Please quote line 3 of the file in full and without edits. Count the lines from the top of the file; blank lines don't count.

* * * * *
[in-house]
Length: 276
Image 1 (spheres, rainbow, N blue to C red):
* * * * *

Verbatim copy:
Image 1 (spheres, rainbow, N blue to C red):